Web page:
My name is Chris Allen and I have been a part of the Arizona Burn Foundation since 1990. I was intentionally burned at the age of 3 by a person who held me in a bath tub with scalding water. This caused 3rd degree burns to over 65% of my body. During the initial treatment, I was given an antibiotic to fight a deadly infection I had. Unfortunately the side affects to the medication caused severe to moderate bilateral hearing loss, which led me to a lifelong use of hearing aids.
Over the years the Arizona Burn Foundation has helped me in many ways and has always been available for support. I have been to their annual burn camp, Camp Courage, both as a camper and as a counselor. They helped me get through Dental Assisting school with the MacDonald Wood Scholarship. In March of 2016, I had a major near death experience and I ended up at a hospital in intensive care with a ventilator for 10 days. During my recovery, I lost my career, my apartment, my car and pretty much everything in between. To make matters worse, one of my hearing aids stopped working, meaning the other one was not far behind it. This caused worry due to the extreme out of pocket expense to get new hearing aids. The Arizona Burn Foundation once again supported my ongoing recovery and paid for my new hearing aids. Having new, working hearing aids improved my everyday life and my career as an Oral Surgeon Assistant tremendously. Properly working hearing aids help me function, stay alert and aware, and be more efficient in what I need to accomplish. The Arizona Burn Foundation has always been there for me and have always had an open door for support and proactive assistance – always willing to go above and beyond.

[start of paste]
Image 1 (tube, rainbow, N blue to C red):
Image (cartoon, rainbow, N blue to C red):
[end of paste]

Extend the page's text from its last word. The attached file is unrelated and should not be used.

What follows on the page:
Without the Arizona Burn Foundation I honestly don’t know how I would make it through some the many challenges I have endured along the way.
2017-01-11 23:49:13 az-burn
Graciela Nobles is a burn survivor who is thriving. Here is the story of how Arizona Burn Foundation has impacted her life.
2016-02-01 22:56:54 az-burn
Burn survivor Kevin Baggiore stopped by the Arizona Burn Foundation to share his story with the Board of Directors. Kevin and his wife Laura were sponsored to go to the Phoenix Society’s World Burn Congress this past October. The Baggiore family also participated in our Adopt-a-Family program. Below is his story.